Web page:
Their bullpen had a 3.19 ERA last season, the best mark in the National League and the best mark for the franchise since its bullpen had a 2.48 ERA in 1976. It also went 2-0 with a 1.54 ERA in the World Series, and 3-0 with a 1.79 ERA in the entire postseason.
But the Phillies find themselves a little shorthanded with left-hander J.C. Romero set to serve a 50-game suspension to start the season for violating Major League Baseball's policy against performance-enhancing substances.
It's not like they're in bad shape. Brad Lidge, Ryan Madson, Chad Durbin, Scott Eyre and Clay Condrey already are in the fold. But with Romero out until June 1, that leaves two spots open instead of one.
The Phillies have expressed interest in some of the remaining left-handers on the free-agent market: Joe Beimel (5-1, 2.02 ERA last season for the Los Angeles Dodgers), Will Ohman (4-1, 3.68 ERA with the Atlanta Braves) and Randy Flores (1-0, 5.26 ERA with the St. Louis Cardinals). But they seem to be looking for contracts in line with the two-year, $8 million contract Jeremy Affeldt received from the San Francisco Giants in November. Philadelphia, whose budget is expected to be more than $130 million, will not sign one of those relievers unless their demands drop more to what Eyre received from the Phillies a few days before Affeldt signed: a one-year, $2 million deal.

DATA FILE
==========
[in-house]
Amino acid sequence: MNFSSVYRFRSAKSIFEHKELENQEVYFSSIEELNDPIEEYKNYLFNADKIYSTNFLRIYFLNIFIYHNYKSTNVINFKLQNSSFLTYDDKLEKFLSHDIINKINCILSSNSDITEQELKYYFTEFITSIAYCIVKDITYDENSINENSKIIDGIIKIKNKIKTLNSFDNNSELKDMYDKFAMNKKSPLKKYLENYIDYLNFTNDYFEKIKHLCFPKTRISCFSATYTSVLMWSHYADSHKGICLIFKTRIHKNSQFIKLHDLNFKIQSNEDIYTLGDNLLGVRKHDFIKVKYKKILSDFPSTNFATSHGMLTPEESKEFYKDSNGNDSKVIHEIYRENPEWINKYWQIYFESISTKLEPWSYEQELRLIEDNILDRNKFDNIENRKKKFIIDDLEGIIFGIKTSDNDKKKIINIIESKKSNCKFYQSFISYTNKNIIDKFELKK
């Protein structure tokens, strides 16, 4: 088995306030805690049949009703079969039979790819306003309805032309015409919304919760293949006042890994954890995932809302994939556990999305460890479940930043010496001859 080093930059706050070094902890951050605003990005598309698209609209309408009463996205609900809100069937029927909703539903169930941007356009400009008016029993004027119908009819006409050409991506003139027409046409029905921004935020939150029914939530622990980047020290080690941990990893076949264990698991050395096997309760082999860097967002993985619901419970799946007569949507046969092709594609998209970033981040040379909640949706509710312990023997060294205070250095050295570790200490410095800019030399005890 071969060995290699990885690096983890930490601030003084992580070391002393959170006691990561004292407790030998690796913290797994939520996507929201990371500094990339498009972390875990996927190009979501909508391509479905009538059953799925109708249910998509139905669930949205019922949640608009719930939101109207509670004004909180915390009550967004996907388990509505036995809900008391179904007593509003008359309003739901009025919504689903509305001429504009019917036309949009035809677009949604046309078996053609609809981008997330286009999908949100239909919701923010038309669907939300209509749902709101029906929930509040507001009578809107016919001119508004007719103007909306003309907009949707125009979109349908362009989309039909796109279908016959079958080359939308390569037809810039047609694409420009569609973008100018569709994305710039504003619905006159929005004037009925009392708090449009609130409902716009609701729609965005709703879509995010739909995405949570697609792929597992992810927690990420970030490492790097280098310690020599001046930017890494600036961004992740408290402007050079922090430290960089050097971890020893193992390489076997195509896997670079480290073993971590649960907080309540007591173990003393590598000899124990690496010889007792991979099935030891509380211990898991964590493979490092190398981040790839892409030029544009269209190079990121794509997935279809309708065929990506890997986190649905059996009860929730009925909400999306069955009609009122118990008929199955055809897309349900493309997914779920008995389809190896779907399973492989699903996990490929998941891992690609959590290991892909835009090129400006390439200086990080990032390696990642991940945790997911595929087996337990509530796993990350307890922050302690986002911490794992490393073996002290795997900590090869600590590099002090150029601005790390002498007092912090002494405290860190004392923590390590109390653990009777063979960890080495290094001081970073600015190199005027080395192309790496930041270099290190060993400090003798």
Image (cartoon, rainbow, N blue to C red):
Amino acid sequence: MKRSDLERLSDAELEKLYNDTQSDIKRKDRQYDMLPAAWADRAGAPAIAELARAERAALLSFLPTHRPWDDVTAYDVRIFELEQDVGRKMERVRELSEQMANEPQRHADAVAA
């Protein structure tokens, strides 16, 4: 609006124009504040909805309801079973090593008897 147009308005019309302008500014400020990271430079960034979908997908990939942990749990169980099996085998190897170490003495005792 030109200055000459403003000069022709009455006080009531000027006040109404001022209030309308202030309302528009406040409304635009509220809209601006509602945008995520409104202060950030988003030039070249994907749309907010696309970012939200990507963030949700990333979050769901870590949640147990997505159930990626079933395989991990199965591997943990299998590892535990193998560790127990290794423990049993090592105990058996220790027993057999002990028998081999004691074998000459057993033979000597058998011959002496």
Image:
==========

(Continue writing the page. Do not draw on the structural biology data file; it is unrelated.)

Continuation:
"We've talked with them, but I think they have some expectations that may be beyond where we want to be," Phillies general manager Ruben Amaro Jr. said.
Affledt's contract set the tone early for relief pitchers, and despite there being a little more than a week remaining for pitchers and catchers to officially report to camps in Florida and Arizona, they're holding firm on their demands.
"They're looking for the multiyear deals," Amaro said. "It's more an issue of length than dollars, I think."
Could it get to a point where Beimel and Ohman throw up their arms and take a one-year deal? Possibly. But most teams have their payrolls relatively set, so the Affeldt-type deal might not be available this close to Spring Training.
But it still seems less likely than likely that Beimel or Ohman will have a locker with the Phillies when camp opens on Feb. 14 in Clearwater, Fla.
So if they're unlikely, who's got a shot?
Philadelphia signed right-hander Chan Ho Park last month, telling him he could compete for a spot in the rotation. Park will get that shot, but the feeling is that the Phillies prefer he ultimately land in the bullpen. Of course, if Park clearly outpitches Kyle Kendrick, J.A. Happ and Carlos Carrasco, the Phillies could have little choice.
If Park doesn't outpitch Kendrick, Happ and Carrasco, he'll get a bullpen job.
If he ends up in the rotation, everything opens up a little more.
Kendrick or Happ would be the most likely candidates to fill out the bullpen after Park. Pitchers on the 40-man roster like right-handers Scott Nestor, Robert Mosebach (a Rule 5 Draft pick) and Joe Bisenius are worth watching. Left-hander Mike Zagurski would make sense, but he is recovering from Tommy John elbow reconstruction surgery and might not be ready by Opening Day. Non-roster invitees Mike Koplove, Gary Majewski, Blaine Neal, Dave Borkowski and Justin Lehr have big league experience, but non-roster invitees always have an uphill climb to make the 25-man roster.
Perhaps the best-case scenario for the Phillies is that Kendrick, Happ or Carrasco win the fifth starter's job and Park fortifies the bullpen, leaving one job available until Romero joins the team in June.
Todd Zolecki is a reporter for MLB.com. This story was not subject to the approval of Major League Baseball or its clubs.